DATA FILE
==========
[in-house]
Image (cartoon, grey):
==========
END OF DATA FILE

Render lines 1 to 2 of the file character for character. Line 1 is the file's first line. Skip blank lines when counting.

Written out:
[in-house]
Image (cartoon, grey):